South Africa restricts the use of the old national flag of apartheid. The Equality Court in Johannesburg believes that the flag is equivalent to hatred and racism and therefore limits its use.
The Old South African flag was replaced in 1994 when South Africa became a democracy with Nelson Mandela as president. The old orange-white-blue tricolor with three small flags in the middle is controversial, as it is mainly used by extreme right-wing groups in South Africa.
The Nelson Mandela Foundation believes that the apartheid flag points to racial superiority and oppression and therefore went to court.
The Equality Court in Johannesburg agrees with the foundation that says “those who display the old flag also deliberately choose not to display the new multiracial flag. They prefer oppression to liberation.” According to Judge Phineas Mojapelo, the meaning of ‘hate speech’ in the South African constitution is not limited to words.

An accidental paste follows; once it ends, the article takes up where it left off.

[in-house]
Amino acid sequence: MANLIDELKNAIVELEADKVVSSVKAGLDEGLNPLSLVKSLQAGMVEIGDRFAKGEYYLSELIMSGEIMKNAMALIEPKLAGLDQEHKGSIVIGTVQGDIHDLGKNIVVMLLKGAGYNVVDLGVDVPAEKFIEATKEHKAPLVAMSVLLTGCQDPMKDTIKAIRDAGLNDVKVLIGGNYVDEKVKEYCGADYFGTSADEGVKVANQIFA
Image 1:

From now on the use of the old flag is only permitted in exceptional circumstances. It can only be displayed for historical, artistic or educational purposes. Using the flag without valid reasons will be penalized. It is not yet known what that punishment entails.
The decision is a “victory for democracy and all South Africans,” the Nelson Mandela Foundation responded. CEO Sello Hatang hopes that the decision “helps build a more united, understanding South Africa.”